The particular X-ray technique and/or apparatus employed, the humidity, the temperature, the orientation of the powder crystals and other variables, all of which are well known and understood to those skilled in the art of X-ray crystallography or diffraction can cause some variations in the intensities and positions of the lines. These changes, even in those few instances where they become large, pose no problem to the skilled X-ray crystallographer in establishing identities. Thus, the X-ray data given herein to identify the lattice for a zeolite, are not to exclude those materials, which, due to some variable mentioned or otherwise known to those skilled in the art, fail to show all of the lines, or show a few extra ones that are permissible in the cubic system of that zeolite, or show a slight shift in position of the lines, so as to give a slightly larger or smaller lattice parameter.

A simple test described in "American Mineralogist", Volume 28, Page 545, 1943, permits a quick check of the silicon to aluminum ratio of the zeolite. According to the description of the test, zeolite minerals with a three-dimensional network that contains aluminum and silicon atoms in an atomic ratio of Al/Si=2/3-0.67, or greater produce a gel when treated with hydrochloric acid. Zeolites having small aluminum to silicon ratios disintegrate in the presence of hydrochloric acid and precipitate silica. These tests were developed with natural zeolites and may vary slightly when applied to synthetic types.

Clinoptilolite may be useful as a second zeolite component in fluid catalytic cracking (FCC) catalysts. It would satisfy a need for high octane conversion of the light gasoline fractions, a need that ZSM-5 serves in some very crucial cases, but for which ZSM-5 has serious shortcomings. Clinoptilolite also holds promise in ammonia removal from waste water, reduction of ammonia toxicity in animal nutrition, and as a slow release ammonia component in soil nutrition fertilizers.

Clinoptilolites found in nature are impure and contain structural imperfections that make reliable property characteristics unobtainable. A uniform, high quality synthetic clinoptilolite would have considerable promise for a number of commercial applications.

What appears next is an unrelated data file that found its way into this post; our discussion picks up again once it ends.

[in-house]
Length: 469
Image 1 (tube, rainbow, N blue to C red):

It is a primary object of the present invention to provide a simple, economical process for making a synthetic crystalline zeolite of the clinoptilolite type.

Other objects and advantages of the invention will be more readily apparent from a reading of the description hereinafter.


The present invention is directed to the preparation of synthetic crystalline zeolite of the clinoptilolite type wherein an amorphous solid silica is mixed with sodium aluminate powder or other alumina source, a seed amount of clinoptilolite powder, and sodium hydroxide. The paste formed is stirred until homogenous, sealed in an autoclave and heated at about 135 C. to 140 C. for 75 to 100 hours. A synthetic crystalline zeolite of the clinoptilolite type is then recovered.


Clinoptilolite is a name given to synthetic zeolites having the crystal structure of a naturally occurring mineral which is a hydrous silicate of aluminum, calcium, sodium, and potassium, (Ca,Na2, K2)O. Al2 O3 .lOSiO2.7H2 O. It has a silicon to aluminum ratio of 2.7 to 5.3.

In making synthetic zeolite of the clinoplilolite type, a relatively small quantity of synthetic clinoptilolite from a previously prepared bulk product is ground to a very fine powder and used as a seed.

In general, a solution of sodium hydroxide and water is prepared. An amorphous solid silica such as J. M. Huber Co.'s Zeofree 80 is mixed with an alumina source and the clinoptilolite seed, the sodium hydroxide solution is added forming a paste. The paste is stirred until homogenous. Afterwards, the paste is sealed in an autoclave and heated at 135 C.-140 C. for 75-100 hours. The synthetic zeolite of the clinoptilolite type is then recovered. Sodium aluminate or alumina trihydrate (ATH) are preferred alumina sources.